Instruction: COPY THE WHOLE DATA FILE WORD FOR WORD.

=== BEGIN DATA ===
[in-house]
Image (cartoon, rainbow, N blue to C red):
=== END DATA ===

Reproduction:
[in-house]
Image (cartoon, rainbow, N blue to C red):